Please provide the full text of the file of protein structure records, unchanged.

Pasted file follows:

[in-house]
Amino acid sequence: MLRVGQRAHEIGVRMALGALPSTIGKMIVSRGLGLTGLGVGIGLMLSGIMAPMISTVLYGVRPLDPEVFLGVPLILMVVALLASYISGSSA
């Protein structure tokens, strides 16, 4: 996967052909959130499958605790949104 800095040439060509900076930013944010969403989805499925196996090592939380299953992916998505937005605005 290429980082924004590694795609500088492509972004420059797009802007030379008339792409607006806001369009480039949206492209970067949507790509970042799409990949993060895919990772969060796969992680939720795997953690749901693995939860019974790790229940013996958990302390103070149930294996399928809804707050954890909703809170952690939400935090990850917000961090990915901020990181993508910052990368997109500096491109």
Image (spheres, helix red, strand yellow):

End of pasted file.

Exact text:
[in-house]
Amino acid sequence: MLRVGQRAHEIGVRMALGALPSTIGKMIVSRGLGLTGLGVGIGLMLSGIMAPMISTVLYGVRPLDPEVFLGVPLILMVVALLASYISGSSA
């Protein structure tokens, strides 16, 4: 996967052909959130499958605790949104 800095040439060509900076930013944010969403989805499925196996090592939380299953992916998505937005605005 290429980082924004590694795609500088492509972004420059797009802007030379008339792409607006806001369009480039949206492209970067949507790509970042799409990949993060895919990772969060796969992680939720795997953690749901693995939860019974790790229940013996958990302390103070149930294996399928809804707050954890909703809170952690939400935090990850917000961090990915901020990181993508910052990368997109500096491109």
Image (spheres, helix red, strand yellow):